If Bitcoin is rewarded through mining, and mining is the process of packing some transactions in a block(and adding that block successfully to the blockchain), and on the other hand, a transaction itself is sending Bitcoins to someone else, then isn't this a chicken and egg issue? How could a transaction(say the first one) take place at all when there's no Bitcoin yet? Just getting myself familiar with the basic concepts of Bitcoin.


A valid Bitcoin block has to include a minimum of one transaction, which is the coinbase transaction that pays out the block reward. Most of the early Bitcoin blocks did not include transactions that sent bitcoins from one party to other, but included only the coinbase transaction that paid out the newly minted bitcoins.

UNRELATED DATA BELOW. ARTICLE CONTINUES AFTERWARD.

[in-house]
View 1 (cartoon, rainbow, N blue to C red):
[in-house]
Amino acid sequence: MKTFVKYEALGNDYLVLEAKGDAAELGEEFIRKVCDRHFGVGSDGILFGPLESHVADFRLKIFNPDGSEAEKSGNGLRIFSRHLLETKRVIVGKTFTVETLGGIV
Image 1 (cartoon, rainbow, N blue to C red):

In fact, the first transaction wherein an exchange of coins occurred was in block #170, when Satoshi sent 10 BTC to Hal Finney

  • So first Bitcoins were generated merely because of the proof-of-work reward. (I hope I get it right) I think it has fixed my confusion. thank you. – aderchox Jun 24 '19 at 9:22
  • @Moytaba to be more technically correct, all bitcoins are "generated" from proof-of-work reward. It is only through other transactions (non-coinbase) that they change hands. – Ugam Kamat Jun 24 '19 at 9:57
  • Oh that's right! Thank you. – aderchox Jun 24 '19 at 10:27
  • The block with the first transaction was in block 170 blockchain.com/btc/block/…. The output that was spent was from block 9. – JBaczuk Jun 24 '19 at 13:38
  • @JBaczuk Meh, you are right. it was my oversight. I should have double checked. – Ugam Kamat Jun 24 '19 at 14:28

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